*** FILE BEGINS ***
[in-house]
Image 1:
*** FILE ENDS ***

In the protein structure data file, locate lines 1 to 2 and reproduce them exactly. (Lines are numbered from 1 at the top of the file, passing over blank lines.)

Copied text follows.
[in-house]
Image 1: